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Home Markets Analysis | What Trump Investigations Mean for a Trump Candidacy

Analysis | What Trump Investigations Mean for a Trump Candidacy

Analysis | What Trump Investigations Mean for a Trump Candidacy


Former President Donald Trump embarked on another White House run while facing a slew of legal troubles, with criminal indictments and maybe a civil trial or two threatening to interrupt his campaign. Though not disqualifying, the cases could pose distractions and produce unflattering revelations that no presidential candidate would welcome. Trump is no normal politician, though, and the legal scrutiny could feed his preferred narrative that he is being unfairly targeted by the current Democratic administration and a “deep state” bureaucracy. 

1. What are the legal cases?

Trump faces possible criminal charges by the US Justice Department over classified documents found at his home at Mar-a-Lago in Florida and his role in the Jan. 6, 2021, Capitol riot, as well as by Atlanta’s district attorney over his attempts to change the 2020 Georgia election results. “All these bodies are active and not subject to his control and could issue an indictment almost at any time,” said Kevin O’Brien, a former federal prosecutor in Brooklyn. On the civil side, Trump’s hurdles include a lawsuit filed by New York Attorney General Letitia James that accuses him and three of his children of fraudulently manipulating the value of the company’s assets for years.

2. Could any of this disqualify him as a presidential candidate?

Broadly speaking, no. Article II of the US Constitution, which lays out qualifications for the presidency, says nothing about criminal accusations or convictions. Trump opponents see two possible avenues to challenging his eligibility, however. One is a federal law barring the removal or destruction of government records: It says anyone convicted of the offense is disqualified from federal office. This could conceivably apply to Trump if — and this is a big if — he’s charged and convicted for taking classified documents from the White House. The other is the 14th Amendment to the Constitution. It says that nobody can hold a seat in Congress, or “any office, civil or military,” if they “engaged in insurrection or rebellion.” At least two advocacy groups have said they will argue that this applies to Trump because he incited and failed to stop the Jan. 6 riot at the Capitol as Congress was certifying the results of the 2020 election.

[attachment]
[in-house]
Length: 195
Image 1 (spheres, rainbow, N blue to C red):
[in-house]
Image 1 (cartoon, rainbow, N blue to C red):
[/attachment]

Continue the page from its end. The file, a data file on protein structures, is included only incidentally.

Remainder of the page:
3. Do these cases hurt him politically?

A Quinnipiac University poll in August found that 50% of Americans said Trump should face criminal charges for mishandling classified documents. In a Marist Poll taken at about the same time, 47% of Americans said Trump did something illegal or unethical and should be charged. But Trump’s hardcore supporters have proven to be unwavering. A New York Times/Siena College poll in September found that 44% of voters viewed Trump favorably, similar to the level of support found in recent years. Trump has long tried to cast lawsuits against him and investigations into his conduct as politically motivated, calling them “hoaxes” and “witch hunts.” Signs calling for the Federal Bureau of Investigation to be defunded and Attorney General Merrick Garland fired have become common among Trump supporters. “Within some segments of his base of support, his popularity would be bolstered by criminal charges,” said Barbara McQuade, a former federal prosecutor who teaches at the University of Michigan Law School.

4. What’s the status of the criminal cases?

• In what may be the most serious criminal jeopardy, the FBI said it found 11 sets of documents bearing classified markings at Mar-a-Lago, a number of which were marked top secret. In their search warrant, agents said they were investigating a potential violation of the Espionage Act — which makes it a crime to remove or misuse national-defense information — along with obstruction of justice and violation of a law prohibiting the removal or destruction of government records. Days after Trump announced his candidacy, Garland appointed Jack Smith, the former head of the Justice Department’s public integrity section, as special counsel to take over the probe.